UK OFGEM Authorize Brown Outs

From NOT A LOT OF PEOPLE KNOW THAT

By Paul Homewood

h/t idau

In other words, brown outs!

Ofgem has approved the national rollout of a new energy system developed by the network operator, Electricity North West (ENW), which the regulator precited could save consumers in Britain up to £1 billion.

The flexibility system, called CLASS (Customer Load Active System Services), is a voltage control solution designed to help National Grid ESO manage Britain’s power network by balancing spikes in energy demand and dips in supply.

It includes the installation of voltage controllers at substations, which allow the network operator to offer balancing operations to the ESO by making small reductions to voltage.

According to ENW, this can be done through imperceptible reductions to the amount of power being used by “everything from streetlights to industry to everyday household devices.”

Described as the “first-of-a-kind”, the system already experienced success after its deployment in the North West more than two years ago, which allowed locals to benefit from approximately £7.3 million off their electricity bills as a result.

“Our updated assessment suggests that the net economic benefit is likely to be significant. Prohibiting CLASS would narrow the set of choices available to the ESO and mean consumers faced higher electricity bills than they might otherwise do” said Ofgem in its report, approving the system.

https://www.current-news.co.uk/news/ofgem-approves-first-of-a-kind-class-energy-system-to-save-britain-millions-on-its-energy-bills

None of this would have been necessary if we were not shutting down so much of our firm capacity.

But don’t be fooled by promises of lower bills. What they are saying is that our bills would be going up even more otherwise, thanks to intermittent renewables:

And also beware the claims of £1 billion saving. This is not an annual saving, as you might expect. The saving for the North West was estimated at £300 million over 25 years. In other words, a pittance.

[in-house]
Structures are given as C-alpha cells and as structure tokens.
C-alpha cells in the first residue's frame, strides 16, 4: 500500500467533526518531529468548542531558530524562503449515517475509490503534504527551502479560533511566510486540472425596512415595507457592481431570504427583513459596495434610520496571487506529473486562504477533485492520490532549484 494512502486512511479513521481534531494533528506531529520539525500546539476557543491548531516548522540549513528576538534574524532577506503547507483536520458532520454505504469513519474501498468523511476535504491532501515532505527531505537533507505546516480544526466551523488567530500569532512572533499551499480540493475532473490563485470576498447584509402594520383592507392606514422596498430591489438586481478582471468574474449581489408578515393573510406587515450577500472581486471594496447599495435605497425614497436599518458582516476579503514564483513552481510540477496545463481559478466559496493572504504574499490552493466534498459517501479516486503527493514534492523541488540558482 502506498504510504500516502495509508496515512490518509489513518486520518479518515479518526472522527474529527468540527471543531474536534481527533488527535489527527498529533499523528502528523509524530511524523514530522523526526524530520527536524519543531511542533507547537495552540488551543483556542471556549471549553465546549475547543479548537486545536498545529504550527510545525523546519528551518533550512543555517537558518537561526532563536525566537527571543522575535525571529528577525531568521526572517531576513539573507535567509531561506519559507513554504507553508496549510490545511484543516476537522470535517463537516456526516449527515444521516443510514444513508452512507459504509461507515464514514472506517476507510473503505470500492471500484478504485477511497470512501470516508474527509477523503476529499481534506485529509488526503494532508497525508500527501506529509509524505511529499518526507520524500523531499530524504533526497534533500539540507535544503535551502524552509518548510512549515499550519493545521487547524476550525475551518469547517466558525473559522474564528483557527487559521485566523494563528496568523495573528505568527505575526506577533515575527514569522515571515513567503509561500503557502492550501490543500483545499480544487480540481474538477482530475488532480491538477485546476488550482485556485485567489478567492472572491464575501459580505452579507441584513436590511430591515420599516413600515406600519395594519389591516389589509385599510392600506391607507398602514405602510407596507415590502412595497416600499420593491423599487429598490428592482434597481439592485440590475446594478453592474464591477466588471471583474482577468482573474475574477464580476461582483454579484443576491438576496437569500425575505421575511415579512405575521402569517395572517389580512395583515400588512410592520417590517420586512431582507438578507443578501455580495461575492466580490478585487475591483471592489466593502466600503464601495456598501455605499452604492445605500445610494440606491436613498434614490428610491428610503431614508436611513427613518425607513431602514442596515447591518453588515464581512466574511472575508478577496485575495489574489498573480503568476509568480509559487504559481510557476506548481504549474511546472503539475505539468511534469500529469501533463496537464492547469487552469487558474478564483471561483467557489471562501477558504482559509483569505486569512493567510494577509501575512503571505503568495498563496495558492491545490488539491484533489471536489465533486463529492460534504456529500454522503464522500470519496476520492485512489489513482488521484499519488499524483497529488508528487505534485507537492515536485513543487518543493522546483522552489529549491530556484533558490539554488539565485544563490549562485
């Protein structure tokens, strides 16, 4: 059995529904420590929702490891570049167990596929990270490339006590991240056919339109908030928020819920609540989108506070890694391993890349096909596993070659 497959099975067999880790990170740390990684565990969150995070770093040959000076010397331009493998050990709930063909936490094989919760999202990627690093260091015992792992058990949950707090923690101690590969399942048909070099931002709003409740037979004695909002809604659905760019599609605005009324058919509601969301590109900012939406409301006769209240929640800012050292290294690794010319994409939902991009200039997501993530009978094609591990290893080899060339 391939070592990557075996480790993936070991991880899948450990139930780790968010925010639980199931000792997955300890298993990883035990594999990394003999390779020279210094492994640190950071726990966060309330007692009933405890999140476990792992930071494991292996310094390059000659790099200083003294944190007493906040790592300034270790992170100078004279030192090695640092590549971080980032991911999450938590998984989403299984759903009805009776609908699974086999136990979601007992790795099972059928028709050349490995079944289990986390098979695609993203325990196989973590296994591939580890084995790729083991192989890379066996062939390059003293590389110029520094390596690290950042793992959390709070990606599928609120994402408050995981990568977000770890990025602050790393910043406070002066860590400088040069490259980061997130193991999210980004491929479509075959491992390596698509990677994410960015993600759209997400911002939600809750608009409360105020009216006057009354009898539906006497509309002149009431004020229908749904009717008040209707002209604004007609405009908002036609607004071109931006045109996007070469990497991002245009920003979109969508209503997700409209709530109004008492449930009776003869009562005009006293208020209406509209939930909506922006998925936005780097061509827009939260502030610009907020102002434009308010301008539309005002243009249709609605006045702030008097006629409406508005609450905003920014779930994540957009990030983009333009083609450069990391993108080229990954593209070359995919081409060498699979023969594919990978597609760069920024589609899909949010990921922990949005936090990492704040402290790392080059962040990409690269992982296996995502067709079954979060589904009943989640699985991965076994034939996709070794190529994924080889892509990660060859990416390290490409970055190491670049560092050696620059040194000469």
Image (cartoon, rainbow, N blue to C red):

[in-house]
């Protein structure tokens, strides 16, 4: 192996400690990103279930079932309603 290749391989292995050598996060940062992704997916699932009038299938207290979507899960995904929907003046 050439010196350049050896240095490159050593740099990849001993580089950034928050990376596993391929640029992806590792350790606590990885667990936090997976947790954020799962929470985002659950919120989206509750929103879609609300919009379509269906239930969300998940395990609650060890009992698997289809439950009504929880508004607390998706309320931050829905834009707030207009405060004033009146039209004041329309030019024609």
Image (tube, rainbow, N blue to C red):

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Editor
December 21, 2022 2:21 am

Won’t be long until the terms “brown out” and “black out” are considered racist.

Regards,
Bob

1saveenergy
Reply to  Bob Tisdale
December 21, 2022 2:27 am

Out’s of colour ??

BobM
Reply to  1saveenergy
December 21, 2022 5:53 am

Only if they self-identify. It is the “whiteout’s” that are the real racists.

Bryan A
Reply to  BobM
December 21, 2022 10:33 am

None of this would have been necessary if we were not shutting down so much of our firm capacity.

Gang Green seem to want Uni-Infirmity

Bryan A
Reply to  Bryan A
December 21, 2022 11:14 am

Shut down Firm Capacity and you’re left with Infirm Capacity

another ian
Reply to  BobM
December 21, 2022 6:09 pm

Where would “green power” be without whiteout?

vuk
Reply to  Bob Tisdale
December 21, 2022 6:16 am

‘Net zero carbon’ is racist propaganda against natural black colour energy sources coal and oil.

Energywise
Reply to  Bob Tisdale
December 21, 2022 6:50 am

They likely already are – the Thought Police will be awaiting some offended solo activist to complain, then the heavy hand of authoritarian censorship will fall upon those who dare to speak in ways of old

mikethefordprefect
December 21, 2022 3:16 am

saves little but has no consumer effect since voltage at user is within the allowable limits:
Unlocking-New-Sources-of-Flexibility-CLASS-The-Worlds-Largest-Voltage-Led-Load-Management-Project.pdf (researchgate.net)